Theresa May said she was going to put the deal up for vote again the following week, only for the Speaker of the House to point out that she can’t. This is due to parliamentary precedents that go back to 1604. The only way she can have a third meaningful vote is for the deal to be “significantly different from the previous”.
And now, am coming up to when I was away so bear with me as I am now going to rely on news websites, podcasts and goodness knows what else.
While I was away, Theresa May made a speech, expressing her frustration and saying that it was all politicians’s fault that we are in this situation and she was on the public’s side. Expect politicians were angry that she didn’t tackle some of the responsibility and feared that, due to this speech, hate crimes from the general public towards politicians will increase, the fear of what happened to Jo Cox a few years ago still fresh in everyone’s minds. The Prime Minister’s tone changed 24 hours later in a second speech, where it sounded almost like an apology, expressed that herself and all politicians from UK and EU governments are frustrated and exhausted over Brexit and all want to find the best deal to suit everyone. While this happened, she went to the EU, asking for a short expansion to Article 50, giving both her and the EU time to either get her deal through Parliament or renegotiation the deal.
The EU, in the end, agreed a small extension (which wasn’t the extension May wanted as she wanted it to last till mid to late June). But it depends on if the deal does go through Parliament or not. If the deal is agreed by 29th March, the extension can be 22nd May. If not, the extension will be 12th April where another option must put forward and passed, a further extension is requested (which means the UK takes part in European or the UK leaves the EU without a deal.
And while this is happening, the UK public are getting confused, angry and feel like they are not being heard. Both sides have held protest marches throughout the course of the two years, the most recent being the People’s March yesterday, which had either hundreds of thousands of people in London, demanding a second EU referendum or Article 50 to be revoked. And an online petition on the Government’s petition website has, at the time of writing this, under 5 million signatures. Whatever way you look at it, the country hasn’t healed from the Remain/Leave divide.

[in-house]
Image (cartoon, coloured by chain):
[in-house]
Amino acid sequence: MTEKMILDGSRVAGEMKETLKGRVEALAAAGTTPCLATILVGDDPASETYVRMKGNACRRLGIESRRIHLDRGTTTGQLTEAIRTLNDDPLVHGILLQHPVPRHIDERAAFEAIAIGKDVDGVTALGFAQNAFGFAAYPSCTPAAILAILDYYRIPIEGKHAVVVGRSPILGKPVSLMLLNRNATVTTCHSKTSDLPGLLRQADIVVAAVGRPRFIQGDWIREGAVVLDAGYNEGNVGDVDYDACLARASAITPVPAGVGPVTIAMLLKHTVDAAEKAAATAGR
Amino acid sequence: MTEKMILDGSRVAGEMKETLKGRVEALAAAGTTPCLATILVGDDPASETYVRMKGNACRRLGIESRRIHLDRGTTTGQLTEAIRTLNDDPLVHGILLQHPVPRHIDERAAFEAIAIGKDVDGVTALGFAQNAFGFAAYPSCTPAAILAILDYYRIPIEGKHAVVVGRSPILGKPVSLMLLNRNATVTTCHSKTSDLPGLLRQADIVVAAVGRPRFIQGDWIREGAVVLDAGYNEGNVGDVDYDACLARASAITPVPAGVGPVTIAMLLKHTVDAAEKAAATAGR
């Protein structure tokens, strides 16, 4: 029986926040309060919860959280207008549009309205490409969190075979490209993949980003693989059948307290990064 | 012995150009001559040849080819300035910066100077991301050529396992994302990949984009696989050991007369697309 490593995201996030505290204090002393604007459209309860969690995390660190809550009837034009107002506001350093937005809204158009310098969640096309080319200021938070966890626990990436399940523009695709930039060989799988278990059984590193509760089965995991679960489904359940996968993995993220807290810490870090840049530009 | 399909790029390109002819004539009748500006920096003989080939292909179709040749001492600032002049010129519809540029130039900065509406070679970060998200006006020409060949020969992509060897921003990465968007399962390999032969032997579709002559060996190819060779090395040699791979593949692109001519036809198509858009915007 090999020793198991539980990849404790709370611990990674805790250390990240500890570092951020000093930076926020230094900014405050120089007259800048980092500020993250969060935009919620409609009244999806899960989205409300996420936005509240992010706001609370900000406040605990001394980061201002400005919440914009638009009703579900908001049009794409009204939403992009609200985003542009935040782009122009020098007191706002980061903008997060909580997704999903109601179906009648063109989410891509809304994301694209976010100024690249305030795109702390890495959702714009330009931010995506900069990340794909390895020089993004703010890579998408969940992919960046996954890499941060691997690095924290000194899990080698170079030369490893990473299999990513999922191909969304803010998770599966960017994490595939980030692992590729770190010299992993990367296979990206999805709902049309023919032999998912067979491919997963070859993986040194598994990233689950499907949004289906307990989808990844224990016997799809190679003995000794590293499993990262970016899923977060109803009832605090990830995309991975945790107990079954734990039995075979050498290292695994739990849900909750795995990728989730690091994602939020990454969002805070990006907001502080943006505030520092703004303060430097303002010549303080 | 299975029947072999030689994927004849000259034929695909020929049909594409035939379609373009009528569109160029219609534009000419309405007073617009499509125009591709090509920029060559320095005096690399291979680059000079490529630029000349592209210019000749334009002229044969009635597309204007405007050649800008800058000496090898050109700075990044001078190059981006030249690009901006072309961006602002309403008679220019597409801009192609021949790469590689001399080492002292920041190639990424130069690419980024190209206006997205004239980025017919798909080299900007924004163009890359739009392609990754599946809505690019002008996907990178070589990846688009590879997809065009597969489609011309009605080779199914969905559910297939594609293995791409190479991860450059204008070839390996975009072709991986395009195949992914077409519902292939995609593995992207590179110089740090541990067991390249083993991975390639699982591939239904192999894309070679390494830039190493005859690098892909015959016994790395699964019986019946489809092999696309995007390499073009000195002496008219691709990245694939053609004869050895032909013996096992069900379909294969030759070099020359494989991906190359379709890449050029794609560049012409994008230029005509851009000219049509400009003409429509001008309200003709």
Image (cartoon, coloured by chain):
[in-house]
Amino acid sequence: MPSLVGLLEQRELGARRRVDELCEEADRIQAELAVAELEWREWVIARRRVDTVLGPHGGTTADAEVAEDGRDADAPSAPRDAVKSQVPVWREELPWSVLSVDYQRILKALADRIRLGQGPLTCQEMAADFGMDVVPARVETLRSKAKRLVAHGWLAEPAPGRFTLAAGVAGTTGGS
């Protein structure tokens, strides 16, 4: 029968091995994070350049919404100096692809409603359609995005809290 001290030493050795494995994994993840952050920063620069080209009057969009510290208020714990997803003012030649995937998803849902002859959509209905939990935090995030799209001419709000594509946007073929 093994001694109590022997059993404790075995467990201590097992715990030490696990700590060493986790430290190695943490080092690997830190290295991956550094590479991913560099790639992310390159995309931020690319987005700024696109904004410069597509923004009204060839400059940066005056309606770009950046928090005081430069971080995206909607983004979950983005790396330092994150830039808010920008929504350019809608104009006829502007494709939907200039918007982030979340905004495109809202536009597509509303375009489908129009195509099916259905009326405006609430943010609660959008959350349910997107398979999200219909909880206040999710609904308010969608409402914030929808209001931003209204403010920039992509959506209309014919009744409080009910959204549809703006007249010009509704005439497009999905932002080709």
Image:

Plus, the public are watching MPs from all sides and are wondering if they are putting country first, their own self-interest or party politics. And this comes at a worse time for both Conservatives and their main political rival, Labour, as both are facing antisemitism and islamophobia rows.
And now, there are reports that members of the Conservative party will support the latest deal - if Theresa May steps down as Prime Minister with immediate effect. This isn’t anything new, however, as members of the Conservative party tried to push her out as party leader a year or so back. She won the vote to remain leader, on the condition that she would step down as leader and would not run in the next general election of 2022 (unless a snap general election is called).
Which leads us to now. Do we all understand where we are? As I don’t!
According to some research I’ve done, we have up to six options that PMs could vote on, as well as the current deal. These include revoking Article 50 and canceling Brexit, another EU referendum, the current deal with custom union, the current deal with custom union AND single market access, a free trade deal very similar to Canada or leaving the EU without a deal.
Plus, the UK government want to have a decision soon as they and the EU don’t really want to the UK to taken part in the upcoming European parliament elections. And, if that happens, I’m not sure what happens next. But some news outlets fear that we could be heading for a general election.
So, what the heck are the UK doing now? Honestly, I have no idea… and in a matter of a few hours, all the news I know could be thrown up in the air over a new development so this might be hugely out of the date in a matter of hours.
What I do know is that there is still a huge way to go with healing the country, regardless if the UK leaves with a deal, leaves without a deal or revokes Article 50 and cancels Brexit (either for a small amount of time or permanently). Young people who voted remain blame the older generation who voted leave. Scotland and Wales could hold their own referendum, whether to stay within the UK or leave and form independent countries (all rumours at the moment but Scotland could use Brexit as a reason). There is still a huge void within the country and some people don’t think the government have done enough to fix this divide.
And whatever does happen next is going to effect the United Kingdom for years and generations to come. And whatever Parliament does decide, they will be consequences. How far-reaching they could be is anyone’s guess.